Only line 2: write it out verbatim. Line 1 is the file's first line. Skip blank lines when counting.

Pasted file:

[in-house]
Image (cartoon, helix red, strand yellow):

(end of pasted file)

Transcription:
Image (cartoon, helix red, strand yellow):